Joyce Manor - Never Hungover Again
Record Label: Epitaph
Release Date: July 22, 2014
So NPR decided to do the premiere of Joyce Manor's new album Never Hungover Again two days ago (July 13th) and to say that I'm stoked on this album would be an understatement. As a whole, the record is a logical step forward from 2012's Of All Things I Will Soon Grow Tired, but that's not to say that it's predictable. From some Post-Rock inspired guitar parts to keyboard flourishes, a-la label mates Motion City Soundtrack, there's enough here to keep not only a layperson, but also, (I imagine) most critics, happy.
Lyrically, this album hits home for me more than any record released so far this year. Lines like "There's no way to keep in touch with certain people/ You wonder how long something can last/ Pretty sure most people don't think about that/ But who the fuck is laughing now?" from "Catalina Fight Song", are executed with such classic Joyce Manor swagger that anybody who is doubting whether this album lives up to its hype will surely forget what they were worrying about. Musically, the individual instruments all sound great. the guitars sound big and urgent, but not blown-out in any way. The drums sit perfectly in the mix, occupying just enough space to round out the sonic space of the record without being overbearing. And Finally, the bass tracks are very present, and particularly well written. This is a mature, well thought out Joyce Manor record, and it's awesome.
Joyce manor is a band who have always worn their punk influences proudly on their sleeve, and that trend clearly continues with this album. The production is a bit more slick and shiny, which may turn some fans off. But honestly, if it does, those people are just being snobs. There's so much solid musical structure and simple-yet-brutally-effective vocal melodies that the glossy production seems earned rather than gimmicky. The production makes the record especially accessible, and I think that will be a big factor in how well the release (hopefully) does. This record has the pop-sensibilities that can certainly draw a crowd, but it's gritty enough that even those on the crustier side of the punk spectrum could probably nod their heads in approval. And most importantly, if you're a fan of The Smiths, or any of their contemporaries, chances are you'll look fondly upon this record.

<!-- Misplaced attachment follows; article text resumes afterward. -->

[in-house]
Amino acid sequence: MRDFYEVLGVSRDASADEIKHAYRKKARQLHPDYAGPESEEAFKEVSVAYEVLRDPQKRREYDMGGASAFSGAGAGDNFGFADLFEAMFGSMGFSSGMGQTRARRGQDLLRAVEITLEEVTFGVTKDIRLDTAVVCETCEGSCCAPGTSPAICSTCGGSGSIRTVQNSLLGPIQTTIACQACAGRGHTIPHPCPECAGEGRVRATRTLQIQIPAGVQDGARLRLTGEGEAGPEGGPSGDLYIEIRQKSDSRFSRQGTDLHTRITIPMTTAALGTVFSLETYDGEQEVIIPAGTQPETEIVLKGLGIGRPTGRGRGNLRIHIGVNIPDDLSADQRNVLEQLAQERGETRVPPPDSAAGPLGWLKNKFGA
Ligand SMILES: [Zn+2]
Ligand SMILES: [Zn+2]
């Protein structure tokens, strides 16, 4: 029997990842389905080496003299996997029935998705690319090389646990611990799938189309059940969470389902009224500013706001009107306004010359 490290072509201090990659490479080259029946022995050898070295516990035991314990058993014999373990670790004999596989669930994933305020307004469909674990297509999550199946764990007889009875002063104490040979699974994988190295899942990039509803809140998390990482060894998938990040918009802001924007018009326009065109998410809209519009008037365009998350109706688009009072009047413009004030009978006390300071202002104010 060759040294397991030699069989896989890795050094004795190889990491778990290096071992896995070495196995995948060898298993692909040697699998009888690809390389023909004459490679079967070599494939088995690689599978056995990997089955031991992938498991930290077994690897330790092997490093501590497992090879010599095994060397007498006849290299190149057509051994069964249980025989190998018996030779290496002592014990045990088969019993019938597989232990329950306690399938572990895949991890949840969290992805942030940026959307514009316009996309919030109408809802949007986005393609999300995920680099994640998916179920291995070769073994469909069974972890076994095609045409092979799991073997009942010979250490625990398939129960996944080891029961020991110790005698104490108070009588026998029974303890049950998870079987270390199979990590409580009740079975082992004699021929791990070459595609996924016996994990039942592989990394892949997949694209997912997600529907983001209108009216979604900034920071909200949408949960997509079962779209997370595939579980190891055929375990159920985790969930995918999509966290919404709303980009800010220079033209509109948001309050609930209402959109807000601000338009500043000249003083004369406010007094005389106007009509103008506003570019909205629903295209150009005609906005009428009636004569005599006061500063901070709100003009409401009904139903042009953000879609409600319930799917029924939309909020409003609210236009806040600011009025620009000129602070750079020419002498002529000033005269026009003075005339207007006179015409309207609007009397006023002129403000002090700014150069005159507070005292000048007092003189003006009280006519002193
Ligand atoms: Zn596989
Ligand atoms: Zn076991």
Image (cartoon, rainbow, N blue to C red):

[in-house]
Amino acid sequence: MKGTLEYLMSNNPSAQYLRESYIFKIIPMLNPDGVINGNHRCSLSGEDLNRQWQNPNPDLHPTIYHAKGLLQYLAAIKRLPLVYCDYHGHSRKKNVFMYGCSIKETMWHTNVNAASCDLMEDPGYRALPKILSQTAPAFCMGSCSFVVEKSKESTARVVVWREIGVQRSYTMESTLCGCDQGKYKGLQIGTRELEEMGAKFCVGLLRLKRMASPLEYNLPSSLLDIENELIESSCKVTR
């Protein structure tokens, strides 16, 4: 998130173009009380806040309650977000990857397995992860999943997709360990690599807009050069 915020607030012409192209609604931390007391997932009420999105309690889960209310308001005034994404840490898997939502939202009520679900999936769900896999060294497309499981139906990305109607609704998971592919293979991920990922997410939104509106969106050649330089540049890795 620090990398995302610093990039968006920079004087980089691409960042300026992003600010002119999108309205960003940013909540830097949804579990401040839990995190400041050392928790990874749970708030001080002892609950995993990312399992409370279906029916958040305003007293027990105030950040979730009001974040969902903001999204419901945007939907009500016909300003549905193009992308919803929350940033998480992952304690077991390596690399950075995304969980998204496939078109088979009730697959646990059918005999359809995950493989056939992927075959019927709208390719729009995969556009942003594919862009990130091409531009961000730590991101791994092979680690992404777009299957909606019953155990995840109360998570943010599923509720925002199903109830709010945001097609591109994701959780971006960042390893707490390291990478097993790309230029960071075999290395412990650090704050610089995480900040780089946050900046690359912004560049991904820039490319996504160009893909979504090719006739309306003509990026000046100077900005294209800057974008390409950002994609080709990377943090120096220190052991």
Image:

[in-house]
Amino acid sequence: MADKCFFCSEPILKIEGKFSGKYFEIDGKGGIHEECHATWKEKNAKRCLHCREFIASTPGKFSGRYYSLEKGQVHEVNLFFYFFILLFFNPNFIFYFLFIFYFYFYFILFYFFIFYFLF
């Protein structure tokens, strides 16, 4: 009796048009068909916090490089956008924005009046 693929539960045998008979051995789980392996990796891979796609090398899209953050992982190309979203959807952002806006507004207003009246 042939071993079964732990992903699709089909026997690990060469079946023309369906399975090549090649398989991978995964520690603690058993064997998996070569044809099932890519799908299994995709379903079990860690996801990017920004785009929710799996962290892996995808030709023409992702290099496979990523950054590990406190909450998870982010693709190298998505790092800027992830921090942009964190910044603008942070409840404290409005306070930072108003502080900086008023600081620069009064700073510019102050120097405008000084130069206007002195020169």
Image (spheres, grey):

Due to the newness of the record, no clear favorite has stood out for me. But I don't think that's the point. This is the summer album I've been waiting for. This is the exact kind of album that should be bought on CD and be left in your car so that you can yell "I want a heart tattoo" with the windows down. There a plenty of bands that can deliver that experience, but none do it with the self-depreciating finesse of Joyce Manor.
As of late, I've had a real love-hate relationship with Epitaph. (I mean, there is absolutely no denying how atrocious some of those bands are, *cough*Fallinginreverse*cough*). But I see not-so subtle glimmers of hope in their decision to sign Joyce Manor. In fact, if you look at the pre-whothehellcarescore epitaph roster, this band would fit right in. For me, Joyce Manor had a lot to live up to with this album, and signing to Epitaph scared me a bit, but there's no doubt in my mind that by the time the year ends, Never Hungover Again will be in my top 5.
Nice review my friend, and good job on writing one of the only review that does mention the brevity of the album. As much as I liked this album, I'm finding that the songs don't have much staying power. It took me probably over 100 listens of their self titled before I got tired of it, and Of All Things I Will Soon Grow Tired, well that album wasn't on of them! HAHAHA. I don't know. I'm finding that I'm skipping over most of the middle of the album to get to tracks like heated swimming pool, or to go back to the beginning of the album and listen to Christmas card or Falling in love. I still like the songs, but they're just not staying with as much as their previous albums.